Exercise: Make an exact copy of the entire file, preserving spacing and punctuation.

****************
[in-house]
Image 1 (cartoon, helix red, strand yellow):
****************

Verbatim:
[in-house]
Image 1 (cartoon, helix red, strand yellow):